The following abbreviated sequence of correspondence is real, although we quite obviously had to hide some names. Still, it is quite typical of many discourses our editors carry on with readers or conference participants over a year.
It started with an e-mail from XYZ, a mid-level technical employee with Central Refining Industries (CRI) we had first met decades ago. He asked:
My question is how often our vibration group should be doing their routes on every piece of equipment. We collect data on all fans, gearboxes, pumps and motors monthly. I believe this is too frequent for most machines, but thought I would get your opinion before I stuck my head out too far. I have read a lot of articles and see that no one agrees. We seem to be in the paralysis by analysis mode of doing business.
We answered XYZ by affirming that many reliability managers are unaware of the main reason for gathering vibration data: to get the operators out of the control room. We claimed, somewhat tongue-in cheek, that operators will not leave their control room if:
a) Ambient temperatures climb above +75°F; operators fear the risk of heat stroke
b) Temperature drops below +66°F; theres the real fear of frostbite
c) Wind speed exceeds 4 mph; understandably, they fear being blown off their bicycles.
Who collects the data.
So, best-of-class refineries use a good portable data collector (Fig. 1) to check if and when operators leave their control rooms. For them, vibration monitoring, is often of secondary importance. We explained to XYZ that best-of-class refineries ask experienced vibration analysts to limit their involvement to interpreting out-of-limit data. The operators do the data collecting for the reasons mentioned above. Assigning both the collecting and analyzing of data to a highly trained vibration technician is a rare practice.
| Fig. 1. In addition to warning of component |
deterioration, state-of-art data collectors such
as Ludecas/Prueftechniks VIBXPERT II
serve as monitoring tools to ascertain
scheduled field presence by responsible
At best-of-class companies, experienced reliability professionals will also examine in-house records of failure frequency, repair cost and downtime risk. In oil refineries, considerable judgment is required and equipment criticality is important. Data collection frequency is based on this criticality and can vary from monthly to twice yearly.
Our mid-level technical person replied:
I forwarded this message to our maintenance manager who, by the way, never had anything to do with maintenance in a refinery until four years ago. He is in his late 30s and most of his staff are fresh out of college. However, the maintenance manager often mentions operator involvement in reliability, about which he had heard at a conference.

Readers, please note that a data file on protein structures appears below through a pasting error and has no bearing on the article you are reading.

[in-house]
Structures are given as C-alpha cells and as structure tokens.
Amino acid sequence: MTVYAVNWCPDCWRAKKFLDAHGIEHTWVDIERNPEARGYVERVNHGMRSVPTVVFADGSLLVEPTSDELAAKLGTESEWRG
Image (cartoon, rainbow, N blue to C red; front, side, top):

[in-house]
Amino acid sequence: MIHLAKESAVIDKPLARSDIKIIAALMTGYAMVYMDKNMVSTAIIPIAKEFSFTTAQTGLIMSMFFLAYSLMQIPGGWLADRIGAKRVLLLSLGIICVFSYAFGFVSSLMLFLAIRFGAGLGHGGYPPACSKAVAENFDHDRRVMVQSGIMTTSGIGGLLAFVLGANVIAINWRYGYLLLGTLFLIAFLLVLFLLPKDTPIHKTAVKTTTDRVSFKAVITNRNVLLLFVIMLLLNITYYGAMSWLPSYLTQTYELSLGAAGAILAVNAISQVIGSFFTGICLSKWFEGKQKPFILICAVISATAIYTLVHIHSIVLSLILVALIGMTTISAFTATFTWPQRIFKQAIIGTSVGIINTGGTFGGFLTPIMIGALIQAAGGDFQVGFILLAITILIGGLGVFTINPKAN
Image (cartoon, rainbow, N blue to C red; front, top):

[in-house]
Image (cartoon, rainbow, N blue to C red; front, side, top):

CRI was not involving its operators in reliability stewardship. To be successful, such an involvement presupposes a well-structured training and technical education program; implementing such a program requires time, competence, monetary resources and continuity of effort. It represents an investment in the future and cannot ever be a flavor of the month thing.
To again quote XYZ:
All or most of our unit supervisors are on too much of a good buddy relationship with their operators to make them get out of the control rooms so as to look, feel and listen to their equipment. They operate by alarms, so to speak. Just recently we lost 4 boiler feedwater pumps out of a total of 7.
We were certain that CRI had never measured the width and concentricity of its slinger rings. They had probably purchased them from the lowest bidder, who probably had skipped the important annealing step. In the future, CRI will have to budget the right price for oil rings that dont distort.
It was again confirmed that best-of-class plants get their exceptional (9.4 years) pump MTBF by systematically upgrading and paying attention to every detail. As always, we appreciated the discourse with CRI because it updated us on the state of affairs in small and mid-size refineries. Some of these refineries become progressively less profitable and the root causes of their problems and issues are often both cumulative and elusive. Putting it more bluntly, the correspondence with CRI filled in the picture, and the picture is not pretty. HP
Bloch, H. P., Pump Wisdom: Problem Solving for Operators and Specialists, John Wiley & Sons, Hoboken, New Jersey, 2011.
|The author |
H. P. Bloch is Hydrocarbon Processings Reliability/Equipment Editor. A practicing consulting engineer with close to 50 years of applicable experience, he advises process plants worldwide on failure analysis, reliability improvement and maintenance cost avoidance topics. He has authored or co-authored 18 textbooks on machinery reliability improvement and over 490 papers or articles dealing with related subjects.